Oklahoma Gov. Kevin Stitt said Monday he will veto budget bills taking dollars apportioned to the state’s teacher, law enforcement and firefighter pension systems next year.
House Bills 2741 and 2742 use the apportioned dollars to provide $112 million for public schools, a move that helps hold the State Department of Education's budget cut to 2.5% as other agencies take cuts of up to 4%.
Stitt said the head of the teacher’s retirement system told him it is already down $1 billion from June 2019.
"Raiding state pension funds to balance the budget is, unfortunately, nothing new in this building, but just last year, the legislature was talking about how important it was to protect pensions, even during a recession," Stitt said.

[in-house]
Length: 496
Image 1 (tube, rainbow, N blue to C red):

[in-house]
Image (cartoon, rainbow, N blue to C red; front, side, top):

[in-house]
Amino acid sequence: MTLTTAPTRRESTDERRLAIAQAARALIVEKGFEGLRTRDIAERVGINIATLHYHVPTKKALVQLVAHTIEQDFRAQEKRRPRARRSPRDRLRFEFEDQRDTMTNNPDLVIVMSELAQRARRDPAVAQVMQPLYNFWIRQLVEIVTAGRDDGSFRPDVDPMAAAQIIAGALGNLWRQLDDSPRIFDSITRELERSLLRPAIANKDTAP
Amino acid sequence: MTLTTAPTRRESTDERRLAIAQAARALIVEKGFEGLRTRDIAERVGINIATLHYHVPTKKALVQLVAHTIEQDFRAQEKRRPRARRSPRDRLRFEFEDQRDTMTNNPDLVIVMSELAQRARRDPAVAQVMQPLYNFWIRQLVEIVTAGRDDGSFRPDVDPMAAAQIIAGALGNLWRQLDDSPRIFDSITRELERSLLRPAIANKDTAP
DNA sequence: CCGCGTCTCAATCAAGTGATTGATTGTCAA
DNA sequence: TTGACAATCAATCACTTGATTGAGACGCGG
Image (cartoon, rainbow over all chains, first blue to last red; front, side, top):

Stitt said he has not decided whether he’ll sign the rest of the budget bills lawmakers sent to him, which he must do by Wednesday.
"I’m only going to sign a budget that’s good for Oklahomans and good for Oklahoma taxpayers, but the legislature can always override it. They can always override the veto, which that’s what they’re threatening to do, but that’s fine. They’ll have to answer to Oklahomans why they did these certain things in the budget," Stitt said.
Stitt said lawmakers’ spending plan uses $939 million in one-time funds, which will be a problem with a potential $1.7 billion shortfall for fiscal year 2022.
Lawmakers accuse Stitt of bailing on budget negotiations.